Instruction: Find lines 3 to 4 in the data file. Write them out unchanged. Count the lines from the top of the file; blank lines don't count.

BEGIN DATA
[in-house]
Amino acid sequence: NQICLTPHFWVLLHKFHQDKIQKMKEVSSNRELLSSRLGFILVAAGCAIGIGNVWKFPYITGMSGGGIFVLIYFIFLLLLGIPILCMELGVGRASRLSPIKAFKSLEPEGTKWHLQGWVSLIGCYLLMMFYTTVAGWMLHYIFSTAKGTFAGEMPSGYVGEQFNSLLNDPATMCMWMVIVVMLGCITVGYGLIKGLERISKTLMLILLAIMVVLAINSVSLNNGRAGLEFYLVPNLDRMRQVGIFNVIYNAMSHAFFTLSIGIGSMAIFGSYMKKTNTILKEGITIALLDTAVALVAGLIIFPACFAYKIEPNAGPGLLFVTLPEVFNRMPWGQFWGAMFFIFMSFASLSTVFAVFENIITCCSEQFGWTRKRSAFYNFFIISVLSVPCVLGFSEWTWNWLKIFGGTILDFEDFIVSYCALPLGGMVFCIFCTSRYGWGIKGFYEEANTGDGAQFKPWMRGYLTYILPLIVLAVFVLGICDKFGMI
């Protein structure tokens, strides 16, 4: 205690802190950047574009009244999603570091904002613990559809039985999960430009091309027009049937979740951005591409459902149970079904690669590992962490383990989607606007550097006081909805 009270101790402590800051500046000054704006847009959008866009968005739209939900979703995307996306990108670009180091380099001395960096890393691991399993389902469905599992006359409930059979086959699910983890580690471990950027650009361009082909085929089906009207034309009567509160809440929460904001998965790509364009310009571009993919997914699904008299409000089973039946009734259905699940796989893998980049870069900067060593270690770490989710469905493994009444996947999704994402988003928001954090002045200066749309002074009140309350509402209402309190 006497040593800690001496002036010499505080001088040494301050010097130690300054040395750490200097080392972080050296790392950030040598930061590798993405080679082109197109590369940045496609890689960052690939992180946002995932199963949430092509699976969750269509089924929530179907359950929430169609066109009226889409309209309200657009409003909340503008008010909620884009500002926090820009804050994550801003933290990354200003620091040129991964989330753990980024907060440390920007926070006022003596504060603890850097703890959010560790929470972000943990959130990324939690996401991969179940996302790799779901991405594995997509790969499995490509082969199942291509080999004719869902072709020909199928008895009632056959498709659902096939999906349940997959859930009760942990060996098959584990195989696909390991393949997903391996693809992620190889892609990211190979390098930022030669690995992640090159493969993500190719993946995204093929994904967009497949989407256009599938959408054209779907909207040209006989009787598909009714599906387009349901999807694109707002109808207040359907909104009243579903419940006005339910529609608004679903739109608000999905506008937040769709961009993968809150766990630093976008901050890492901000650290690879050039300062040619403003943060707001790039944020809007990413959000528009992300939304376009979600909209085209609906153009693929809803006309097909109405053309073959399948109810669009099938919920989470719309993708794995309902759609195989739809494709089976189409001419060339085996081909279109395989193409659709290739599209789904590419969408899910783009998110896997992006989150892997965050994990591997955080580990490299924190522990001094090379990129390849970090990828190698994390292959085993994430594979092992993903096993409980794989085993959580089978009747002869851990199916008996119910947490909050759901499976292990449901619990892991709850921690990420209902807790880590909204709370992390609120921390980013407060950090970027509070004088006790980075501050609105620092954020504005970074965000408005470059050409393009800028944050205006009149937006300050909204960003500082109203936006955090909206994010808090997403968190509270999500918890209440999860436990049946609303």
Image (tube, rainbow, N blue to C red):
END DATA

């Protein structure tokens, strides 16, 4: 205690802190950047574009009244999603570091904002613990559809039985999960430009091309027009049937979740951005591409459902149970079904690669590992962490383990989607606007550097006081909805 009270101790402590800051500046000054704006847009959008866009968005739209939900979703995307996306990108670009180091380099001395960096890393691991399993389902469905599992006359409930059979086959699910983890580690471990950027650009361009082909085929089906009207034309009567509160809440929460904001998965790509364009310009571009993919997914699904008299409000089973039946009734259905699940796989893998980049870069900067060593270690770490989710469905493994009444996947999704994402988003928001954090002045200066749309002074009140309350509402209402309190 006497040593800690001496002036010499505080001088040494301050010097130690300054040395750490200097080392972080050296790392950030040598930061590798993405080679082109197109590369940045496609890689960052690939992180946002995932199963949430092509699976969750269509089924929530179907359950929430169609066109009226889409309209309200657009409003909340503008008010909620884009500002926090820009804050994550801003933290990354200003620091040129991964989330753990980024907060440390920007926070006022003596504060603890850097703890959010560790929470972000943990959130990324939690996401991969179940996302790799779901991405594995997509790969499995490509082969199942291509080999004719869902072709020909199928008895009632056959498709659902096939999906349940997959859930009760942990060996098959584990195989696909390991393949997903391996693809992620190889892609990211190979390098930022030669690995992640090159493969993500190719993946995204093929994904967009497949989407256009599938959408054209779907909207040209006989009787598909009714599906387009349901999807694109707002109808207040359907909104009243579903419940006005339910529609608004679903739109608000999905506008937040769709961009993968809150766990630093976008901050890492901000650290690879050039300062040619403003943060707001790039944020809007990413959000528009992300939304376009979600909209085209609906153009693929809803006309097909109405053309073959399948109810669009099938919920989470719309993708794995309902759609195989739809494709089976189409001419060339085996081909279109395989193409659709290739599209789904590419969408899910783009998110896997992006989150892997965050994990591997955080580990490299924190522990001094090379990129390849970090990828190698994390292959085993994430594979092992993903096993409980794989085993959580089978009747002869851990199916008996119910947490909050759901499976292990449901619990892991709850921690990420209902807790880590909204709370992390609120921390980013407060950090970027509070004088006790980075501050609105620092954020504005970074965000408005470059050409393009800028944050205006009149937006300050909204960003500082109203936006955090909206994010808090997403968190509270999500918890209440999860436990049946609303």
Image (tube, rainbow, N blue to C red):